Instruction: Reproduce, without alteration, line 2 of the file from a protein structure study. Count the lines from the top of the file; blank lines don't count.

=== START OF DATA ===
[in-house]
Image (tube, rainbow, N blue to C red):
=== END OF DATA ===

Image (tube, rainbow, N blue to C red):